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Bond Bubble?

Bond Bubble?

As interest rates have spiraled downward over the past decade, driving bond prices upward, many in the financial media have suggested that bonds and other fixed income instruments should be shunned and that bonds have entered “bubble territory.” With all of this discussion going around, it is important to understand what constitutes a bubble and what type of assets are affected by these events.

A bubble is typically defined as the aggressive appreciation of an asset far beyond a reasonable estimation of intrinsic value. One of the most memorable bubbles of the recent past was the so called “dot-com bubble.” During the late 1990s through early 2000, technology stocks appreciated to levels that could not be supported by fundamentals. The tech-heavy Nasdaq reached an all-time high of 5132 in March of 2000 before declining by almost 80% to 1108 in 2002.  Although there has been significant recovery in the Nasdaq, those who invested at the peak of the tech bubble over ten years ago, would still need to see the index appreciate by 90% just to get their original principal back! The problem as an investor is, if the decline is too great, the probability of timely recovery is remote and actual wealth destruction (as opposed to paper losses) takes place.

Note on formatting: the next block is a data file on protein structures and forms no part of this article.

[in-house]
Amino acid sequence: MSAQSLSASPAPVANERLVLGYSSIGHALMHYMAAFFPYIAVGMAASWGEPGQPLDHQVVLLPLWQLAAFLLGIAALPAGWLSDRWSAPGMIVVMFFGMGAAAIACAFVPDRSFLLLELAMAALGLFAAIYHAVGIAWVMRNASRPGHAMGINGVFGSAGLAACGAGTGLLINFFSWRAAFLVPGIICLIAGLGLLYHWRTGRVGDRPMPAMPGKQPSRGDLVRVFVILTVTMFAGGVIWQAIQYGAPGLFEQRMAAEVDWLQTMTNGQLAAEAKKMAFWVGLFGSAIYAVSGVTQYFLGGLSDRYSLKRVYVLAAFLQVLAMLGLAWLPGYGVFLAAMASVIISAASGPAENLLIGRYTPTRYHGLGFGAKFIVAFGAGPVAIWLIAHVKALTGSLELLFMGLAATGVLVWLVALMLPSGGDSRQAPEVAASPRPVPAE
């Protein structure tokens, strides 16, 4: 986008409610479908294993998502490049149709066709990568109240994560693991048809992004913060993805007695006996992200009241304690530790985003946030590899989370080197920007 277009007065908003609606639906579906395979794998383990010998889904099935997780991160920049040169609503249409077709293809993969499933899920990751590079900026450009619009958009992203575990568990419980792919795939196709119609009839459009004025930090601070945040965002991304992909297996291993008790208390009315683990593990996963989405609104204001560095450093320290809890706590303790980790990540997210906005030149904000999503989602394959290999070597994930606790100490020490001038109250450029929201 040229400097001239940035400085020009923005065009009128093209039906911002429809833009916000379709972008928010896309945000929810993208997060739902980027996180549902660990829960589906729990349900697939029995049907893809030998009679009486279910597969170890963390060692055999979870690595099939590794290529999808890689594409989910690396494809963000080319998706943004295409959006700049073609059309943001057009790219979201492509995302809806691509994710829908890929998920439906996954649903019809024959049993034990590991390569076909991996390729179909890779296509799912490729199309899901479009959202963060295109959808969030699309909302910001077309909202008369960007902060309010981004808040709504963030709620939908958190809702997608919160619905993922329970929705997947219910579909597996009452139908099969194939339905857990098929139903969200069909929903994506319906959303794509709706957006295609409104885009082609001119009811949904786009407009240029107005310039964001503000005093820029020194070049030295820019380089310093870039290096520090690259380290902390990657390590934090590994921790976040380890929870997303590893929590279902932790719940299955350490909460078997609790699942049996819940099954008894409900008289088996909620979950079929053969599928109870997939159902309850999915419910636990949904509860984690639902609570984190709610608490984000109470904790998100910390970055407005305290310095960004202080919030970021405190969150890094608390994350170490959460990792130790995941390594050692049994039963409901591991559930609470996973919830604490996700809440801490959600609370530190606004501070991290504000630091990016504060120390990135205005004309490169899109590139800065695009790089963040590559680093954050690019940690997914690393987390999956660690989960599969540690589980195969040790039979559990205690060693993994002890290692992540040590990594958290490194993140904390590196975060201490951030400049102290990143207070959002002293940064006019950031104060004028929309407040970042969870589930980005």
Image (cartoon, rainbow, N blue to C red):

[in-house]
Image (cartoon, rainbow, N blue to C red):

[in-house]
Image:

A bond is a much different type of asset than a stock or other capital asset as it is a contractual obligation to re-pay a loan at the end of a defined period of time. A stock by contrast involves no contractual obligation and the owner of such an asset is only entitled to the earnings after all other stakeholders have been paid. Therefore, the value of a stock at any time is subject to many more variables than a bond and is based on the perception of what those earnings will be at some point in the future. A bond by comparison, assuming the borrower/issuer is not bankrupt at the end of the contractual period, must return the principal amount owed in full. This fact makes the value of the bond much more ascertainable than that of a stock since at least as a bondholder/lender, I have a legal claim to an absolute value at a definitive point in the future. Therefore, since the ultimate value of a bond is known and there is no reasonable expectation of receiving more than the principal value at maturity, bonds can never really appreciate to levels that would constitute what we typically consider to be a bubble. 

The other argument often made today is that given low interest rates, investors should only buy very short-term bonds (if they buy bonds at all) as interest rates are sure to rise at some point in the future. The problem with this type of analysis is that it doesn’t take into consideration the opportunity cost of significantly less interest in the early years. Take for example, a U.S. Government bond issued at 3.4% (yield as of the date of this writing) with a ten-year maturity. One might argue that 3.4% annually is a paltry amount to accept over a ten year period and that one should shun this investment in favor of a very short-term instrument that would benefit from steadily rising rates.